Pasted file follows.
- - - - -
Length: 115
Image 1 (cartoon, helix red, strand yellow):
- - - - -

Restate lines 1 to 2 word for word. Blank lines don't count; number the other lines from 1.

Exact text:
Length: 115
Image 1 (cartoon, helix red, strand yellow):